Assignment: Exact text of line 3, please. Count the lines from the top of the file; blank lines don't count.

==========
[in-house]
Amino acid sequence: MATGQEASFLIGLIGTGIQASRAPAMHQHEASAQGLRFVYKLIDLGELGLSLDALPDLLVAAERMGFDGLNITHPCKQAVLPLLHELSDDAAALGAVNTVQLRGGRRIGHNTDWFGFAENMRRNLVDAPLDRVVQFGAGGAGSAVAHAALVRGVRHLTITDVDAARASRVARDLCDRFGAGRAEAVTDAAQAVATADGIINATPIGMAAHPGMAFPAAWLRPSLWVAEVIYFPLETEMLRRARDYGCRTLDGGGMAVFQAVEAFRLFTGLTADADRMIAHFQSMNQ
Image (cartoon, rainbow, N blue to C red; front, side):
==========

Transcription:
Image (cartoon, rainbow, N blue to C red; front, side):